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Blues icon Hubert Sumlin died of heart failure Sunday in New Jersey at the age of 80. Blogger Scott McDonald talked to Sumlin this past June -- Ed.
While the term legend is overused and hypersubjective these days, it's hard to argue against its necessity when talking about guitarist Hubert Sumlin.
The 79-year-old guitarist not only redefined the sound of blues guitar during his 22-year-tenure playing in icon Howlin' Wolf's band, Sumlin's impact on rock & roll as we know it today is almost immeasurable. With an absolutely ridiculous roster of rock greats citing him as a direct influence -- everybody from Jimi Hendrix, Keith Richards and Jimmy Page to Eric Clapton, Jeff Beck and Stevie Ray Vaughan –- it almost seems inconsequential that Sumlin also spent a year bending notes for one Mr. Muddy Waters.
But the Blues Foundation Hall of Fame inductee is gracious and unassuming, anything but self-aware, and still enjoys playing today as much as he ever did. As part of the Robert Johnson centennial/Blues at the Crossroads concert series making its way to Anthology on Sunday, he'll lend an irrefutable anchor of blues history to a roster that also includes Big Head Todd and the Monsters, and Cedric Burnside, the grandson of hill country bluesman R.L. Burnside.
However, in speaking with him (and you don’t really talk to Mr. Sumlin as much as experience him), I was every bit a impressed by the story of how he met Howlin' Wolf as I was by his impeccable service to music in general.
"Wolf used to pass by my house every weekend to play at this place that sat on the Mississippi River," Sumlin said recently from New York. "I was about 7 years old. And I know that I sure wasn’t 8. They used to show 10-cent movies on the back of this joint. And I loved movies. It was a honky-tonk place, a long, shotgun house where they sold fish in one part of it, they gambled in one part, and had music in another. So, I told my momma I was gonna go to the movies, but I was set on seeing the Wolf.
"I knew they weren’t gonna let me in or they were gonna throw me out. But I attempted to go in twice anyway. I crawled under a bunch of ladies who were in a big, long line to get in. I got to the door, and a big, old bouncer told me to get out and go back to my momma. But he couldn’t tell me nothing, man. I was gonna see Wolf. I stacked a bunch of Coca-Cola bottle crates up between the tent where they showed the movies and where Wolf was playing. I made me a stairway. I sat up there and looked down at the bandstand and all of those guys playing. It was incredible. But someone came by and kicked down all of those crates, and I went over toward the stage. I believe that the Wolf felt me comin’ because I fell and he caught me. He was a big man, but I don’t know how he knew I was coming. How did he see me? I don’t know. But he caught me, man. I coulda broke my neck. I could have died. But he just looked at all those people and said, 'Ladies and gentlemen, please bring this young man a chair. I promise you, he ain't gonna move or say a word. I want this young man to see what we’re doing. Maybe one day he’ll play with us.' And sure 'nuff. All I know is that it was meant to be, man. And that's the truth through and through."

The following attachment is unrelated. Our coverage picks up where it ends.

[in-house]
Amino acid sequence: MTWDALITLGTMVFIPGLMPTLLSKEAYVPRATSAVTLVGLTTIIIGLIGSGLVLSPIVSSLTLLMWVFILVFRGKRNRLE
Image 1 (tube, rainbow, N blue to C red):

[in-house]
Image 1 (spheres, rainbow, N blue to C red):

In addition to clandestine, life-altering experiences with blues masters, Mr. Sumlin has an uncanny knack for predicting questions that people will ask of him.
"People always want to know," Sumlin said. "I have so many people asking me the same thing -- 'Where the blues come from?' And I love to tell the people about these blues. I say, 'Look, if you ain't got no shoes, and Muddy Waters, Willie Dixon and The Wolf would tell you the same thing if they could, if you ain't got no food, no clothes -- you got the blues.' At least that's what we call 'em. Oh, man, and we've sung some songs about it."
In a career in its seventh decade, it's impossible to calculate just how many songs that is. Sumlin isn't counting, but he does know how he feels about all of the prominent artists that have cited him as a contributing factor to the success of their careers.
"It makes me feel nice," Sumlin said. "But it's because I have a style of my own. God gave it to me, but I found it on my own."
He found that style after Howlin' Wolf fired him for still using a pick after eight years of service. It was a move that infuriated Sumlin enough to make him want to do physical harm to his employer. But, as Sumlin said, "Wolf was just too big of a man." Sumlin also conceded that his bandleader may have had a point.
Sumlin started using just his fingers to play, and when he had found his groove, he went back to his boss and was rehired. It was something of a musical epiphany and was how Sumlin’s signature style was born.
It's that style that keeps him performing today.
"I'm enjoying it better than ever, man," Sumlin said. "I'm so glad that people recognize and believe in me. I'm doing God's work, man. I'm doing the peoples' work. I'm doing the world’s work. I've got everything I need, and I ain't got a quarter. And I mean that."
Sumlin will keep playing until he can no longer hold the guitar. But he is certain that music will live on forever.
"Music is music," he said. "Just look at that rock & roll. Look at jazz. If you got the feelin' and you got the soul, you gonna feel it. And blues sure got some soul, brother. But this music will be around forever, man. For. Ever. It’s gonna be here when you leave, and it’ll be here when you come back; especially the blues. But all this music is here to stay."